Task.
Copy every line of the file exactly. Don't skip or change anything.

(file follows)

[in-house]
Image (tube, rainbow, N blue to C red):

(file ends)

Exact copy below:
[in-house]
Image (tube, rainbow, N blue to C red):